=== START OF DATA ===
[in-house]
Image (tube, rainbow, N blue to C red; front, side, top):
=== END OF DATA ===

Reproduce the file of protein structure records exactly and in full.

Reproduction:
[in-house]
Image (tube, rainbow, N blue to C red; front, side, top):